New insights into thyroid hormone (TH) action in ischemic heart disease

Stefanie Dörr (Dortmund)1, S. Grund (Essen)2, S. Hönes (Essen)2, D. Führer (Essen)2, L. Möller (Essen)2, K. Lorenz (Würzburg)3

1Leibniz-Institut für Analytische Wissenschaften – ISAS – e.V. Kardiovaskuläre Pharmakologie Dortmund, Deutschland; 2Universitätsklinikum Essen Klinik für Endokrinologie, Diabetologie und Stoffwechsel Essen, Deutschland; 3Universitätsklinikum Würzburg Institut für Pharmakologie und Toxikologie Würzburg, Deutschland


Background: Ischemic heart disease (IHD) is one of the leading causes of mortality worldwide, underlining the necessity to identify novel therapeutic approaches. Thyroid hormones (TH), including T3 and T4 have a significant effect on cardiac function and may even improve outcome following acute ischemia/reperfusion and in chronic heart failure. However, the TH signaling mechanism within the heart remains incompletely understood.

Aim: This study seeks to explore the impact of TH receptor alpha (TRα) on IHD on the heart and ventricular remodeling by utilizing mouse models. These models allow the evaluation of both canonical and non-canonical TH signaling, which involve DNA-binding and gene expression regulation or cytosolic signaling pathway activation, respectively.

Materials & Methods: 8-10-week-old C57BL/6J mice underwent permanent ligation of the left descending coronary artery (LAD). They were administered and were treated p.o. with 500 ng/ml T3 for 8 weeks right following surgery. To investigate the effect of various TH signaling pathways, we included wild-type (WT) mice, TR alpha knockout (TRαKO) mice, and knock-in mice with a TR alpha mutation that eliminates DNA binding and canonical TR alpha signal (TRαGS). Cardiac remodeling was assessed by histological staining (H&E and SR). Serum TH levels were analyzed using ELISA. Additionally, sarcomere contraction parameters of and cardiomyocyte hypertrophy were examined by using isolated adult cardiomyocytes (CM) from WT, TRαKO and TRαGS mice or neonatal mouse CM (NMCM), respectively. Cardiac vascularization was assessed by anti-CD31 immunohistochemistry.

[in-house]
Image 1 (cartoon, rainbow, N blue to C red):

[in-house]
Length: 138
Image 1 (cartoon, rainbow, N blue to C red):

Results: Eight weeks after LAD ligation, wild type mice treated with T3 (500 ng/ml) exhibited an increased heart weight and cardiac myocyte size compared to solvent-treated controls. Histological analyses demonstrated less fibrosis in the remote area and a decreased infarct size in response to T3. Interestingly, the total number of cardiac vessels increased with T3 dosage and in proportion to heart weight, suggesting T3-induced neoangiogenesis. The comparison of untreated wild-type (WT), TRα knockout (TRαKO) and TRα knock-in mutant (TRαGS) hearts suggests that this effect originates from noncanonical TRα signaling as TRαGS mice had the highest total cardiac vessel length among the genotypes.

In vitro analyses using CM isolated from hearts of WT, TRαKO and TRαGS mice indicate noteworthy differences in contractility, demonstrating reduced maximal sarcomere shortening of TRαKO and TRαGS compared to WT. Additionally, after 48 hours of T3 treatment, we observed successful stimulation of hypertrophic growth in neonatal mouse cardiomyocytes (NMCM), similarly as observed in vivo.

Conclusion/Outlook: In conclusion, our experiments demonstrate that T3 offers cardioprotective benefits in IHD by reducing infarct size and increasing vascularization eight weeks post-myocardial infarction. Further investigations will determine the extent of involvement of canonical and noncanonical TRα signaling in the cardioprotective effects mediated by T3.

Diese Seite teilen